If you're a person who follows fashion, minimalism has been haunting you for at least the last four years.
Every time you open Instagram, you came cross yet another clean, all-white outfit. Whether you blame the social app or the fashion industry as a whole for this shift toward things that are black, white, and crisp all over, it's been undeniable - and frankly, we're ready for it to end.
Don't get us wrong: There are ways to do minimalism without it being 'boring'. But to be totally honest, we're on a mission to shake things up and leave all of our white poplin shirts behind. We are developing a love for all things embellished, printed, painted, glitzy, and textured.
We've said it before and we'll say it again: 2017 has been the year for maximalist dressing. A few years ago, minimalism stormed the fashion scene, with neutrals, pared-down layers, classic silhouettes, and a colour called oatmeal that some consider soft and soothing, but to be honest, we have to admit that it's a tad dreary. Now, we're not saying that minimalism is over, or that it ever totally will, but we-and-everyone seems to be having a lot more fun with fashion again.
We're mixing prints, clashing colours, adding a ruffle here, there and pretty much everywhere. Our inner Iris Apfel is rejoicing as we stop taking ourselves quite so seriously.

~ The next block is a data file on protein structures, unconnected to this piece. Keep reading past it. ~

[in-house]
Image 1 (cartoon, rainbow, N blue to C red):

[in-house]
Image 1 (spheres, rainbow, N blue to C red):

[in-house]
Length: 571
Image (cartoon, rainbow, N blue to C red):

The psychology of maximalist fashion
The maximalist trend; a bevvy of oversized coats, hoods, trousers and sleeves that are featuring on both sides of the Atlantic. However, this new trend pushes an artistic, non-functional style into the mainstream. A new cultural phenomenon is certainly afoot, but what does pursuit of the supersize mean as a reflection of our contemporary fashion consciousness? In an age when housing crises are plenty, and green spaces few, the design of clothes that take up more room provides an interesting contrast to problems that 'millennials' face in grounding themselves in the world through larger things such as houses, cars and so on.
Whether it's supersize sleeves, wide-leg trousers, the new 'it' style of denim with drop crotches and a line legs, platform shoes or power hoods - perhaps maximalist dress is a means of laying claim on more of the world when other material desires are not attainable. Power shoulders, enormous puffer trousers, or oversized coats with commanding lapels - these are just some examples of the ways designers are exaggerating and super-sizing the body, working against rather than with it.
In inviting wearers to exaggerate and play with shape and style, one might conclude that fashion is inviting us to own our own monsters; to occupy what is frightening, as well as take charge of the space around us. Read in this way, maximalist style becomes empowering - though perhaps only for as long as you stay upright in your 20-inch platforms.